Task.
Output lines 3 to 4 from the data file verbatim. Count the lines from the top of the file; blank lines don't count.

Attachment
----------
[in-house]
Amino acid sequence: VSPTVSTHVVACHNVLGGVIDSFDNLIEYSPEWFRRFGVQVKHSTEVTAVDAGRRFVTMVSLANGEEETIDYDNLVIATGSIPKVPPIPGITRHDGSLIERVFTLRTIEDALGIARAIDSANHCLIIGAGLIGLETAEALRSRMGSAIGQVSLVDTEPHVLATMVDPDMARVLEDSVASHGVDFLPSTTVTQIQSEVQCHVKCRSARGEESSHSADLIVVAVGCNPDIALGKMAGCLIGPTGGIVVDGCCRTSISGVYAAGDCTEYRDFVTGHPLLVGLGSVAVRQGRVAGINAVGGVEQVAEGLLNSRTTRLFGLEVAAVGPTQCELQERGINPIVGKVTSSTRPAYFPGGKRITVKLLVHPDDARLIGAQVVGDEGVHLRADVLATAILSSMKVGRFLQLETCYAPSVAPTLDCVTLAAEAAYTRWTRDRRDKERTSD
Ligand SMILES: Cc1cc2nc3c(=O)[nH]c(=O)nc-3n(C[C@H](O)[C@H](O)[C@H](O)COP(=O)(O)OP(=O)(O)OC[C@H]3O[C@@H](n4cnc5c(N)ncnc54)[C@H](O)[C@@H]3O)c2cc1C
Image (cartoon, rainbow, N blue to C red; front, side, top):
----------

Ligand SMILES: Cc1cc2nc3c(=O)[nH]c(=O)nc-3n(C[C@H](O)[C@H](O)[C@H](O)COP(=O)(O)OP(=O)(O)OC[C@H]3O[C@@H](n4cnc5c(N)ncnc54)[C@H](O)[C@@H]3O)c2cc1C
Image (cartoon, rainbow, N blue to C red; front, side, top):